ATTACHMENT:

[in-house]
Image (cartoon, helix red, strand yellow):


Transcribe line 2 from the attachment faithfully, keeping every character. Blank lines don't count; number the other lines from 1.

Image (cartoon, helix red, strand yellow):